Prominent lawmaker in racial justice protests lags in Kentucky Dem primary

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Attica Scott was part of a group of activists who took to the streets in September 2020 after a grand jury decision to not directly charge Louisville police officers for the killing of Breonna Taylor.

As a Kentucky state legislator, her arrest during protests calling for criminal justice reforms drew national notice. So did her subsequent legislative push to outlaw no-knock warrants like the botched one that led to Taylor’s shooting.

It’s a blueprint similar to the one that got Ferguson activist Cori Bush elected to Congress from Missouri in 2020. Yet in the Louisville-based 3rd District Democratic primary, Scott is viewed as a longshot against state Sen. Morgan McGarvey.

If she falls short, it will be a reminder that the period of racial reckoning that followed the police killings of George Floyd, Taylor and others have not necessarily translated into political wins for the activists on the front lines.

Bush built her profile in the aftermath of the shooting death of Michael Brown, who was killed by a white police officer in 2014. The incident touched off weeks of protests that turned violent, sparking conversations about racial inequality, police violence and the growing militarization of local law enforcement.

A registered nurse and Black Lives Matter activist, Bush was able to capitalize on the renewed fervor and energy of nationwide protests calling for greater police accountability six years later, utilizing an insurgent campaign to knock off then-Rep. Lacy Clay.

Scott, a former member of the Louisville Metro Council, has a history of toppling incumbents herself. In 2016 she bested a longtime state House incumbent to become the first Black woman to be elected to the legislature in 20 years.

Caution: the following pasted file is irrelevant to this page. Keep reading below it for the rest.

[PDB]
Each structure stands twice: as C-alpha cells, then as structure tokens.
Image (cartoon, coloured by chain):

But in the primary for the seat left vacant by the retirement of veteran Rep. John Yarmuth, Scott’s path has been strewn with a number of obstacles.

Chief among them is her relationship with the activist community in Louisville, which two years ago saw some of the most sustained protests during the push for racial reckoning. Without its full support in the primary — and that includes Tamika Palmer, Breonna Taylor’s mother, who declined to endorse Scott last summer when she announced her candidacy — Scott has struggled to gain traction.

Palmer has criticized the lawmaker, telling USA Today that she found Scott’s comments about legislation that bore her daughter’s name “disrespectful.” She also referred to Scott as a “fraud” in a now-deleted Facebook post.

Scott has also struggled to keep pace with McGarvey in fundraising — she’s been outraised by a roughly 6-to-1 margin. While McGarvey amassed a war chest of more than $1.5 million, according to the most recent campaign finance disclosures, Scott had a little more than $236,000.

McGarvey’s benefited from the support of cryptocurrency super PAC Protect our Future that spent roughly $1 million in support of McGarvey's candidacy. He also boasts several key endorsements, including that of Yarmuth, the House Budget Committee chair who has represented the district for 15 years.

But equally important, McGarvey, who is white, has received the backing of prominent Black leaders in the city including Rev. Kevin Cosby of Simmons College of Kentucky and recently-elected state Rep. Keturah Herron, a longtime social justice advocate who appeared in a McGarvey campaign ad.